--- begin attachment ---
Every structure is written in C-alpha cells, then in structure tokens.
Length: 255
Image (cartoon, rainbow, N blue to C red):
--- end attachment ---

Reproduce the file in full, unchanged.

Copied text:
Every structure is written in C-alpha cells, then in structure tokens.
Length: 255
Image (cartoon, rainbow, N blue to C red):